Whole body application of CHG antiseptic is safe for hospitalised, premature newborns

17 Apr 2023

A commonly used antiseptic is safe to apply on the skin of premature newborns, according to results from the NeoCHG pilot trial presented today at the 2023 ECCMID conference in Copenhagen. The findings pave the way for larger clinical trials to test how well antiseptics can prevent newborn babies dying from bacterial infections.

Sepsis is a major cause of death in newborn babies – especially in low- and middle-income countries. Worldwide, there are an estimated 3 million cases per year with a 10-20% mortality rate. Many bacteria usually live harmlessly on the skin but can lead to sepsis if they get inside the body. Premature babies are particularly vulnerable to sepsis.

One way to reduce the number of bacteria on the skin, and possibly lower the risk of death from sepsis, is applying an antiseptic called chlorhexidine (CHG). Because CHG has a temporary effect, the team believed that applying it more frequently and at higher concentrations might be more effective at removing bacteria. However, this could risk damaging premature babies’ fragile skin.

There is some evidence that using sunflower oil to soothe and moisturise the skin can protect the skin barrier and may also help prevent infections.

NeoCHG is a pilot study which tested different ways of applying CHG to hospitalised newborn babies with a low birthweight. This trial wanted to find:

  • The best concentration of CHG to use
  • The best frequency of application
  • Whether it is beneficial to use chlorhexidine alongside sunflower oil.

NeoCHG took place at two hospitals in South Africa and Bangladesh. It included 208 newborns aged 1-6 days. Researchers randomly assigned the babies into groups and applied CHG to their skin in different ways. They tested three different concentrations of CHG (0.5%, 1% or 2%); different application schedules of either every working day or every other working day; and tested CHG alone or alongside sunflower oil.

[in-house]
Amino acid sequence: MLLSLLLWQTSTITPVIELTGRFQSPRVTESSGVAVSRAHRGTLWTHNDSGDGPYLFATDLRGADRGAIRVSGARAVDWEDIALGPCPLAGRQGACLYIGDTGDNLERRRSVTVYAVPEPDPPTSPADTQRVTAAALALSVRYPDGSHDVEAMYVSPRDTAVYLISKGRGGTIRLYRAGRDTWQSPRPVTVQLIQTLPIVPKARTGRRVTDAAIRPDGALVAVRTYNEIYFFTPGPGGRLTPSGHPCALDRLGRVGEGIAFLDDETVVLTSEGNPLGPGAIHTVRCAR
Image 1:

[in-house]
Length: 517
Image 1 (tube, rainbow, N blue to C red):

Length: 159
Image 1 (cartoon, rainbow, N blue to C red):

The control group was given no CHG or sunflower oil, which is the current standard of care.

Researchers checked the condition of the babies’ skin before each application of CHG for 14 days or until they were discharged from hospital if this happened sooner. They also measured the bacteria present on the babies’ skin by taking swab samples every few days.

The team found that all the studied concentrations of CHG were safe and did not cause skin reactions or changes in body temperature. Applying sunflower oil with CHG was also safe.

Skin swabs showed that potentially harmful bacteria very quickly reappeared on the babies’ skin after applying the antiseptic. This occurred no matter the concentration of CHG used, how frequently it was applied, or whether sunflower oil was also used. However, as NeoCHG was a pilot trial with a relatively small sample size, its ability to detect small treatment effects was limited.

After showing that CHG is safe to use in this manner and that it was possible to recruit such young babies with parental consent, these preliminary results will be used to inform another, larger clinical trial. This will focus on whether skin antiseptics can reduce cases of sepsis and ultimately deaths in premature newborns.

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